This brings us to the last prime example of the “D/A Scale”, Michael Sam. Sam was a fifth-round pick, and fifth-round picks are far from sure bets to make NFL rosters. This defensive end ended up being released by two teams between his drafting (May 2014) and Week 1 of the 2014 season and never ended up playing a regular-season down. Sure, it is disappointing that the first openly gay NFL player did not play a regular-season snap. However, when people wonder why no third team ever gave him a shot, I do not believe it is because he is gay. I believe it is because there are hundreds of defensive ends to whom a team can give a tryout and hope it works out. The chance of any individual from this group having NFL success is minimal, so why would a team choose the one guy that comes with distractions in the form of media hype and constant questioning? I believe that Sam’s sexuality was neither an issue nor the distraction, but coaches and players having to be asked countless questions about his sexuality would have been the major distraction. Additionally, teams knew that not only would they have to answer questions when giving him a tryout, but they also knew that they would be judged harshly if they released him. That is why they stayed away and chose to give tryouts to a bunch of players of equal football caliber but with no potential for distractions. GMs and coaches merely wanted to stay on the good side of the “D/A Scale”. For what it’s worth, I feel that, if Michael Sam were a legitimate NFL talent – if he were in the positive region of the “D/A Scale” – he would be on an NFL team. Unfortunately, he simply wasn’t a good enough player. I also bet that every NFL GM and NFL coach wants to see a day when it is not a big deal to have a player who is gay. They just do not want to invite a media circus for a player who is unlikely to stick with the team. Lastly, maybe I am naive, but I believe that, within ten years, there will be many openly gay players in the NFL. It will just take an openly gay player with clear NFL talent to break the barrier (in the regular season).
Speaking of “clear NFL talent”, let us now return to the “D/A Scale”. The NFL is as cutthroat a business as exists in this world. GMs and coaches used to get several years to build a team, but those days are long gone. The Jets fired John Idzik after two years of being GM, and many Jets fans are now calling for Mike Maccagnan’s head after two years at the same post. The Browns seemingly change coaches, GMs, and QBs by the week. It is a “win now” league. Greg Hardy proved himself to be as big a scumbag and threat to women as one can be, but the Cowboys kept him onboard because he was a great football player. Adrian Peterson missed nearly a whole season for being a child abuser, and the Vikings could not wait to welcome him back the next year. For the Cowboys and Vikings, they felt those two guys were on the good side of the “D/A Scale”. You might not like it, but don’t shoot the messenger (me). Meanwhile, Ray Rice never played again after the elevator incident. Is Ray Rice that much worse of a human being than Hardy and Peterson? No, in fact, my gut tells me he is a better person than the other two. After all, he has been the most remorseful of any of the three and has recently done community work to prevent domestic violence. If someone were to say that one of the three has bettered himself after committing his horrible actions, Rice would be the clear pick of the three. However, Rice was winding down as a running back and had dipped to the bad side of the “D/A Scale”. Therefore, he is out of football – but not because of the elevator video…just as Tebow’s religious habits are not keeping him out of the NFL…just as Sam’s sexuality is not keeping him out…just as Kaepernick’s kneeling is not keeping him out. It is simply the “Distraction/Asset Scale” that is keeping these players out of the league. These players all reached the points where the marginal benefit of their football ability had dropped below the marginal cost of the distractions with which they would saddle an NFL team.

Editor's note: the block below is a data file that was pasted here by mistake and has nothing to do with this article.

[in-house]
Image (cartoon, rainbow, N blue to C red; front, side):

Our decisions in life always come down to trying to have marginal benefits exceed marginal costs. This is especially true in business, and the NFL is the perfect example. Over the past year, I have had countless conversations with people about Kaepernick’s kneeling. I believe that an American should always honor the flag and stand for the national anthem. I believe that there are many good ways to protest but that kneeling for the anthem is not one of them. Meanwhile other people defend his actions as an appropriate means of protest. That said, this debate is no longer the issue when it comes to Kaepernick’s current unemployment. Today, his unemployment is not about whether he was right or wrong to kneel. It is about teams not wanting to spend every day answering whether their unlikely-to-play backup quarterback was right or wrong to kneel. Big difference. Kaepernick’s employment status is not about protests, love of country, hair, or any reason other than the “Distraction/Asset Scale”. If a team felt Colin Kaepernick could help them win, he would be on that team. If his assets outweighed his distractions, Colin Kaepernick would currently be on an NFL roster. The same goes for Tebow. The same goes for Sam.